Promising Microneedle-Covered Capsule to Supersede Injections?
A swallowable microneedle-covered capsule—approximately 2 centimeters long and 1 centimeter in diameter—was devised by Massachusetts Institute of Technology (MIT) researchers, working with Massachusetts General Hospital (MGH), as a way to deliver medications orally and perhaps replace injections in the future.
The prototype pill is made of acrylic—serving as a medication reservoir—and encased with tiny hollow stainless steel needles (5 millimeters in length) that are designed to “inject” drugs directly into the stomach lining. Large medications, usually consisting of proteins, are not readily absorbable and thus degraded in the stomach and rendered useless before it can be absorbed. Insulin was tested in pigs using the microneedle-covered capsule technology and was found to lower blood glucose levels more effectively than subcutaneous insulin injections.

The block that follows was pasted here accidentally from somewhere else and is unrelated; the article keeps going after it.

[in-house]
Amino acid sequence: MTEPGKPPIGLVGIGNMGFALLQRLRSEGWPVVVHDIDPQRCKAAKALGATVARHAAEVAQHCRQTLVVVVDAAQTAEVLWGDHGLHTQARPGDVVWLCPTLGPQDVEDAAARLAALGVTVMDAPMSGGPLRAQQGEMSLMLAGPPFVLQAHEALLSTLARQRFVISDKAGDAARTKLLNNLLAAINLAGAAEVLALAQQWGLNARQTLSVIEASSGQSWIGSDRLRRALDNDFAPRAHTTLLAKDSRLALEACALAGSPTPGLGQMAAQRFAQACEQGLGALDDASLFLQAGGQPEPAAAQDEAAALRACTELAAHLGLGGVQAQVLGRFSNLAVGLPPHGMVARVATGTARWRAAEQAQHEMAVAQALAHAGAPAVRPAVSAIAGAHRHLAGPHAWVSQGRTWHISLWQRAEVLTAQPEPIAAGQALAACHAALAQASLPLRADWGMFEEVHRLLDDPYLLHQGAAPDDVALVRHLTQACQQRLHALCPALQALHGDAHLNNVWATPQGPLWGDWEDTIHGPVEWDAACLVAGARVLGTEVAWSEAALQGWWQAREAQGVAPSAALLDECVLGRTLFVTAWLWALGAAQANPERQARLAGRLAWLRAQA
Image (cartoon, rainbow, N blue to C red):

However, the capsule took longer than a week to go through the digestive tract and evidence of tissue damage was not apparent. The scientists also claim the gastrointestinal (GI) tract has no pain receptors so no discomfort is felt as the microneedle-covered capsule moves through the GI canal.
The new medication delivery mechanism may be better suited for injecting into the gut a class of drugs called biologics that include vaccines, recombinant DNA, RNA, and antibodies, such as those for autoimmune diseases like arthritis and Crohn’s disease that often require intravenous infusions to ensure effective drug delivery. Nanoparticles and microparticles were originally engineered for oral medication delivery for biologics but they are expensive to manufacture and a new system has to be created for a different drug. With the microneedle-covered capsule, the researchers are aiming for a universal delivery system that can be reproduced for different drugs inexpensively.
To ensure absolute safety, the scientists are working on replacing the stainless steel needles with digestible polymers and sugar that would continue to release medication into the GI lining once it breaks off from the capsule and lodges itself into the gut as it decomposes.